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Combining Riesz bases

Shahaf Nitzan

Kent State University

4:00pm-5:00pm

CMC 130

Catherine Bénéteau

**Abstract**

Orthonormal bases (ONB) are used throughout mathematics and its applications. However, in many settings such bases are not easy to come by. For example, it is known that even the union of as few as two intervals may not admit an ONB of exponentials. In cases where there is no ONB, the next best option is a Riesz basis (i.e. the image of an ONB under a bounded invertible operator).

In this talk I will discuss the following question: Does every finite union of rectangles in \(R^d\), with edges parallel to the axes, admit a Riesz basis of exponentials? In particular, does every finite union of intervals in \(R\) admit such a basis?

*This is joint work with Gady Kozma.*

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Mathematics in Cryptography: Today's Applications and Tomorrow's Foundations

Rainer Steinwandt

Florida Atlantic University

3:00pm-4:00pm

CMC 130

Brian Curtin

**Abstract**

The first part of the talk will show how mathematical techniques are applied in the design of modern cryptographic protocols. Taking the task of establishing a secret key among \(n\ge2\) users over an insecure network as example, we discuss how computational assumptions enable the derivation of an efficient solution with strong provable guarantees.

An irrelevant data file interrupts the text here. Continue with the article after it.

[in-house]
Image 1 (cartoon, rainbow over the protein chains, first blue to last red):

Regrettably, some of the most common assumptions needed for today's cryptographic solutions are no longer justifiable in a so-called post-quantum scenario. In particular, popular constructions involving elliptic curves are not available in this setting. Post-quantum cryptography is of interest when cryptographic solutions are expected to guarantee security for many years. The cryptographic community is currently trying to identify mathematical platforms for efficient post-quantum solutions of basic cryptographic tasks like public-key encryption or digital signatures. The second part of the talk will discuss some of the current approaches, including in particular attempts that invoke tools from group theory.